In business, being able to provide reasons for a decision is seen as a critical skill for any aspiring employee. Usually it is expected for those reasons to be based on solid facts and objective measures to withstand any cross-fire debate in the meeting room. Granted, the ability to gather objective facts for decision making is a good starting point, but I sometimes wonder: are we putting too much value on objective reasons and forget considering other valuable components in the decision making process?
"Feelings" seem to have a bad reputation in a decision-making context. It is true, that it puts related discussions on a different playing field. Feelings can't be argued and they also make the person sharing their feelings vulnerable. The decision making process suddenly becomes personal, and haven't we all learned that being professional means NOT to make it personal?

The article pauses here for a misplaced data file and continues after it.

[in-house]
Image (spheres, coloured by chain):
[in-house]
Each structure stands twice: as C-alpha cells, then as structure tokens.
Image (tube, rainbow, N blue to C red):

However, great success stories in various industries seem to have their roots in decisions that were largely based on feelings. It was the belief that something was possible which led them to a certain decision, rather than what the facts in the market research report suggested. Steve Jobs realised that in our complex world, there is no way that a decision-maker can know all possible, relevant facts, so it requires other aspects like trust, believe or gut feeling when making decisions.